Quoth the Ravens: We’re Ready for Our Close-up
You’ve probably heard of many different kinds of bird cams—web feeds that spy on the inner lives of birds. There are hawk cams, falcon cams, puffin cams, tern cams, heron cams, and even Osprey cams.
Now you can add another one to the list: the Ravencam, in the unlikeliest of places—the campus of Wellesley College, just outside of Boston, Massachusetts.
Common Ravens tend to avoid nesting around lots of humans. But clearly, this pair was looking for attention. Why else would they build their nest, which already contains two eggs, on the fire escape of the college’s science center?
The Ravens were discovered by Wellesley sophomore and birder Lauren Johnson. They may have chosen the site for the building’s cliff-like structure adjacent to an open meadow. Johnson notes that the nest’s location near lighting means that the birds are observable day and night.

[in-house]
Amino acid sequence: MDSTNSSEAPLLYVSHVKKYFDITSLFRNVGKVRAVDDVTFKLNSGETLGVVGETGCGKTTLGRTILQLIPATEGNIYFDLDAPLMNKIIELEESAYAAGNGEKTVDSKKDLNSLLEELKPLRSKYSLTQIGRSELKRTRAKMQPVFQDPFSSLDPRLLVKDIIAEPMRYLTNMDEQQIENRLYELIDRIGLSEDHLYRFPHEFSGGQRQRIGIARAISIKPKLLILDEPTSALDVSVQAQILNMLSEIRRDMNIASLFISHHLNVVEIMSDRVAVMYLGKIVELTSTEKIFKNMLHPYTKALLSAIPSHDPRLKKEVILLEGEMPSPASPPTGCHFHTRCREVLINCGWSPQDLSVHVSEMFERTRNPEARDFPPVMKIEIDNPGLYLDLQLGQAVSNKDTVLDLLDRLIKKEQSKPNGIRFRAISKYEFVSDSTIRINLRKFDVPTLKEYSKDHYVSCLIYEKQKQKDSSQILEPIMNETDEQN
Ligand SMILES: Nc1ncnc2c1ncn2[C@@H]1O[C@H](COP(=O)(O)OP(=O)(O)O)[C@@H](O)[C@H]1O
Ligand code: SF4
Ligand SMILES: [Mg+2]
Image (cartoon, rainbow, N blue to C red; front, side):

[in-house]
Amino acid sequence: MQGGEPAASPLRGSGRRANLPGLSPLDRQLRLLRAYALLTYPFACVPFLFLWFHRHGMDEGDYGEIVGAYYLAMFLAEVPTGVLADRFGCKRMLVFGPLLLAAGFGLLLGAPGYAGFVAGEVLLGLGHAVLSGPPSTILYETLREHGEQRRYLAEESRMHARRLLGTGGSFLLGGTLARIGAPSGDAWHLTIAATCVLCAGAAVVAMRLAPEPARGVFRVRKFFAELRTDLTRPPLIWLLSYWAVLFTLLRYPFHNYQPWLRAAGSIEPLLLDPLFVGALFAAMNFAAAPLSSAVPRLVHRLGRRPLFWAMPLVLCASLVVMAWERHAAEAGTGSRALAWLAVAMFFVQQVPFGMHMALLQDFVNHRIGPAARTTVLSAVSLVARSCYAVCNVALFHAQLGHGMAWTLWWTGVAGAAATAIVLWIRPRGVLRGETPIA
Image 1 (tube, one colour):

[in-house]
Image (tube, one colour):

Which is what makes the Ravencam so special, according to Professor Nicholas Rodenhouse, who teaches environmental science and biological sciences. Because Ravens usually nest away from prying eyes, scientists don’t have a comprehensive understanding of nest behavior and how the birds handle living in an urban area. The cam will operate 24-7 and, in the next few days (per the timeline on the cam’s website), viewers should be able to catch a glimpse of Pauline and Henry (named after Wellesley’s founders) welcoming their young into the world.